To date, typical interventions aimed at the prevention of and response to bullying range from approaches that include broad dissemination of materials related to bullying, engagement of parents and students in more formal educational programs and curricula, online monitoring and restrictions, and workplace training, to more specific and targeted initiatives, such as legislative involvement, laws, and policies and procedures regarding the response to bullying behaviors.
Research in this area has shown that bully victims report social support from peers, parents, and school leaders as having the most positive impact. They also report that the most helpful things that others can do for them are (1) listen to their concerns, (2) follow up after initial conversations (“checking in”), and (3) encourage them to find other outlets for support. On the other hand, feeling that their concerns are being ignored, being told to “just walk away,” and simply having the situation not taken seriously were identified as the most damaging to and least supportive of victims. In some cases, formal counseling for both bully victims and perpetrators is prescribed, and this may include family counseling as well as school or workplace interventions. In general, it is the recommendation of the field to consistently assess and monitor bullying behaviors, engage people in preventative strategies, set clear rules, and educate people about bullying and its consequences in hopes of reducing the prevalence of bullying overall. However, despite the rapid growth in programming aimed at the prevention and treatment of bullying, the negative consequences of this social burden persist.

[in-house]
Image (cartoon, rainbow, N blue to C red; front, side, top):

As mentioned previously, bullying increases the risk for many negative health behaviors, including substance abuse, depression, anxiety, violent behavior, and self-harm. Because bullying is so prevalent, interventions that are simple, accessible, and cost-effective are critical components necessary to the public health response to this social burden. Many studies have shown that exercise has a profoundly positive effect on mental health—regardless of age, fitness level, and gender. Exercise has been shown to improve self-esteem, reduce depression and anxiety, improve mood, and reduce substance abuse. In addition, it is well known that exercise can reduce and maintain body weight, an important consideration not to be overlooked because overweight children and adults are frequently targeted in bullying contexts. Intriguingly, bullied students who exercised four or more days per week were found to have a 23% reduction in the odds of attempting suicide as compared to bullied peers who did not exercise. These findings certainly support the continued development of overall wellness across the life span for both physical and mental health. See also: Public health
It is imperative to continue to identify and respond to bullying across the life span; this includes identification of new and cost-effective strategies that engage children and adults alike in the pursuit of social respect and equality. In particular, through education, peer training, and healthy lifestyle interventions, including exercise, it may be possible to turn the tide on this terrible epidemic, creating a culture of support in both school and workplace communities.